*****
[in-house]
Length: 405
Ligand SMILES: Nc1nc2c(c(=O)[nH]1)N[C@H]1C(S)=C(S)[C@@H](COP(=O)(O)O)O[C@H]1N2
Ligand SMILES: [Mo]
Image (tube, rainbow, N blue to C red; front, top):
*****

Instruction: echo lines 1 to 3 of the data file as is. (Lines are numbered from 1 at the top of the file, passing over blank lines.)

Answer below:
[in-house]
Length: 405
Ligand SMILES: Nc1nc2c(c(=O)[nH]1)N[C@H]1C(S)=C(S)[C@@H](COP(=O)(O)O)O[C@H]1N2